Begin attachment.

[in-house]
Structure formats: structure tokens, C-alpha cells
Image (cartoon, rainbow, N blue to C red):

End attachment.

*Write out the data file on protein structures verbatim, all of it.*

[in-house]
Structure formats: structure tokens, C-alpha cells
Image (cartoon, rainbow, N blue to C red):